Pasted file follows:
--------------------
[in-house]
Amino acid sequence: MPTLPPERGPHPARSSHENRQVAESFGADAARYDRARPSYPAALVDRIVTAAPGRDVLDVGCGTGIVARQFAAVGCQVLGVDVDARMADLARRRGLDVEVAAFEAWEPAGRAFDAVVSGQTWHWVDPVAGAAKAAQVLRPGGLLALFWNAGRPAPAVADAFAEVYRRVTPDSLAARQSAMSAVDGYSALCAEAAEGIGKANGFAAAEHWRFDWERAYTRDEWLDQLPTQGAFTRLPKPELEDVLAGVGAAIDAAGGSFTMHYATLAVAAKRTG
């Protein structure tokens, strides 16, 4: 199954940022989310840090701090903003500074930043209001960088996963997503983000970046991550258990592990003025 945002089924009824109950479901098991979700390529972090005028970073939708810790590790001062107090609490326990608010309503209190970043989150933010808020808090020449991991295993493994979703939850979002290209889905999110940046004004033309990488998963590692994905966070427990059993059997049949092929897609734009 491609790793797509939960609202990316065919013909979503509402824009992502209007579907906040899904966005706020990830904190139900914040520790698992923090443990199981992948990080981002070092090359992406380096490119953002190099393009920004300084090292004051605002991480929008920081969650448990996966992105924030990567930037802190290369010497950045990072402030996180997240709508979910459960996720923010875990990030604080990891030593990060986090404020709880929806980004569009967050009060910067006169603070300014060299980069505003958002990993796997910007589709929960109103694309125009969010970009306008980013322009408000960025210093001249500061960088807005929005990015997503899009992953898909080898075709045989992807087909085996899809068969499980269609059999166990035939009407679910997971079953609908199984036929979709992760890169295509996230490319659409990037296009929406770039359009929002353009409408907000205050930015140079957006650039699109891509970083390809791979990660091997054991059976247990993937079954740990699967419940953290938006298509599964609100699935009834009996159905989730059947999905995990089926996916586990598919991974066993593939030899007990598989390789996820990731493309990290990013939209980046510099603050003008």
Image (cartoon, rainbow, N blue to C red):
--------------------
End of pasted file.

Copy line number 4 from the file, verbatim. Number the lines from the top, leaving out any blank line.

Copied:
Image (cartoon, rainbow, N blue to C red):